Though MHA is not a crisis center, the majority of employees have a social work, counseling or psychology degree. These employees are required to have experience in helping those with initial crisis management and refer them to other programs that might help them.

“The workers use parenting, anger management, stress reduction, and a variety of other tools,” Rolando said.

These tools are meant to help those struggling with their issues before sending them over to a crisis center.  They refer people to a place where they can get the care that they need.

Rolando has had many experiences, and she was kind enough to share a success story.

“A person from a group home called MHA with suicidal thoughts and I talked with them on the phone for about 30 minutes. I completed a CSSRS assessment to identify that they did not present imminent risk,” Rolando said. “I gave them the Suicide Prevention Lifeline number and the Crisis Text Line number for ongoing support and made sure they were connected with a worker in the group home. They thanked me and told me they just wanted someone to talk with and listen to them.”

In an emergency event, this crisis line is here to help those who are struggling.  They will get the person connected with someone who can do a further analysis and properly diagnose them.

 “[This person] was able to connect with resources following our conversation and said they would continue to work on their wellness,” Rolando said.

Address: 3200 S 3rd St #6
Milwaukee, WI 53207

Phone: (414) 344-0447

Website: https://www.namigrm.org/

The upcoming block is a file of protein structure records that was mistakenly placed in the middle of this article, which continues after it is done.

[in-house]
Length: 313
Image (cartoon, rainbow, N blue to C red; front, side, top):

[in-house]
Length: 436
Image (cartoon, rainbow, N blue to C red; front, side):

The National Alliance on Mental Illness is a nonprofit organization that provides support and information to other people about the dangers of suicide.

Cheryl Wright, volunteer at NAMI, wants people to know that therapists at NAMI are there for them.

“When you’re talking about someone contemplating suicide, we offer them the hotline number that they can call,” Wright said.

NAMI acts as a mediator for those who are looking to get in contact with a suicide prevention hotline or suicide prevention organization. In addition, NAMI also facilitates a peer support group for those who are struggling with mental illness.

“We are advocates that provide support and education to people in need,” Wright said. “We have a connection peer support group for people who have any type of mental illness. It is run by people who have had mental health issues. We learn through one another who has had the same experience.”

Wright does want to make it clear, however, that the people at NAMI are not therapists, and they are mediators and refer people to different places around Milwaukee where they can get the help that they need.

“We offer people a mental health and wellness resource guide, and we refer people to different hospitals and crisis centers in the  Milwaukee county,” Wright said.

Wright mentioned that she strongly suggests reaching out to the suicide prevention helpline as well in case of an emergency situation. They can be reached at www.suicidepreventionlifeline.org or 1-800-273-8255.

                    

These organizations will help  you find yourself and your purpose.

#YouWillBeFound

 

One Response

  1. Jane says:

    Very inspiring song.